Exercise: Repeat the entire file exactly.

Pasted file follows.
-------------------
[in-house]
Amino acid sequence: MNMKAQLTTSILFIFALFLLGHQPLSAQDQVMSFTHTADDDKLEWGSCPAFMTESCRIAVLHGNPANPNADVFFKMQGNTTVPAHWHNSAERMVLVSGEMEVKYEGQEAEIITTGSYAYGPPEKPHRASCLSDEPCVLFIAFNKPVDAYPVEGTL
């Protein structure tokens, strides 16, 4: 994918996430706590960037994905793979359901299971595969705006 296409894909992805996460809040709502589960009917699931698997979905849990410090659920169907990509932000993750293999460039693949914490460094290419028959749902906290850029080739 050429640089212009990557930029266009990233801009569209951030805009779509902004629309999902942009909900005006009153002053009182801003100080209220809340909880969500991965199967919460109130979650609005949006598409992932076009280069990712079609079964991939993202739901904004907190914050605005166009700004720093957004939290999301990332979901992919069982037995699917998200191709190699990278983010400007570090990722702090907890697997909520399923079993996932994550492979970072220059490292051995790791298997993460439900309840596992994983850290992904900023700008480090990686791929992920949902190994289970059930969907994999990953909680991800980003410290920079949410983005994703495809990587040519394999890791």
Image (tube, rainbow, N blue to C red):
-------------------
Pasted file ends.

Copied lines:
[in-house]
Amino acid sequence: MNMKAQLTTSILFIFALFLLGHQPLSAQDQVMSFTHTADDDKLEWGSCPAFMTESCRIAVLHGNPANPNADVFFKMQGNTTVPAHWHNSAERMVLVSGEMEVKYEGQEAEIITTGSYAYGPPEKPHRASCLSDEPCVLFIAFNKPVDAYPVEGTL
């Protein structure tokens, strides 16, 4: 994918996430706590960037994905793979359901299971595969705006 296409894909992805996460809040709502589960009917699931698997979905849990410090659920169907990509932000993750293999460039693949914490460094290419028959749902906290850029080739 050429640089212009990557930029266009990233801009569209951030805009779509902004629309999902942009909900005006009153002053009182801003100080209220809340909880969500991965199967919460109130979650609005949006598409992932076009280069990712079609079964991939993202739901904004907190914050605005166009700004720093957004939290999301990332979901992919069982037995699917998200191709190699990278983010400007570090990722702090907890697997909520399923079993996932994550492979970072220059490292051995790791298997993460439900309840596992994983850290992904900023700008480090990686791929992920949902190994289970059930969907994999990953909680991800980003410290920079949410983005994703495809990587040519394999890791």
Image (tube, rainbow, N blue to C red):